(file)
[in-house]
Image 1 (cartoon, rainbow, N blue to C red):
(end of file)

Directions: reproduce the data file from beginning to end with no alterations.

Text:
[in-house]
Image 1 (cartoon, rainbow, N blue to C red):